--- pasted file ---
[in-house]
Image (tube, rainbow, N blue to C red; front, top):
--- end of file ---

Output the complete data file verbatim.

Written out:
[in-house]
Image (tube, rainbow, N blue to C red; front, top):